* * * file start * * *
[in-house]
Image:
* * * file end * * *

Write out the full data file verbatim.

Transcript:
[in-house]
Image: